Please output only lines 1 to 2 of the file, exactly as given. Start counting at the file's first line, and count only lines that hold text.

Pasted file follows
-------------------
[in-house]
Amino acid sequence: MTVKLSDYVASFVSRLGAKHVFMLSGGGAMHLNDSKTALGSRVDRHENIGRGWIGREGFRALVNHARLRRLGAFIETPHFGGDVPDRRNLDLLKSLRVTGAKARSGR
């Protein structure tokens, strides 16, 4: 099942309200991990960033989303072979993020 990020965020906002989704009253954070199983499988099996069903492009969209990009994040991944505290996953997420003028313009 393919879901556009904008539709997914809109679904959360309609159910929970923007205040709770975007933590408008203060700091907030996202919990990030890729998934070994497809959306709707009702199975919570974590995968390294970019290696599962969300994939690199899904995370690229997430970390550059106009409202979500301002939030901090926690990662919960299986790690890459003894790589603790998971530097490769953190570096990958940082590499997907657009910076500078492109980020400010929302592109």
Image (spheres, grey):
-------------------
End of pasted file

[in-house]
Amino acid sequence: MTVKLSDYVASFVSRLGAKHVFMLSGGGAMHLNDSKTALGSRVDRHENIGRGWIGREGFRALVNHARLRRLGAFIETPHFGGDVPDRRNLDLLKSLRVTGAKARSGR